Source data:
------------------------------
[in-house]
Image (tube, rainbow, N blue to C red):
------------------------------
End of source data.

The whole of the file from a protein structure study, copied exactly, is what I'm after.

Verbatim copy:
[in-house]
Image (tube, rainbow, N blue to C red):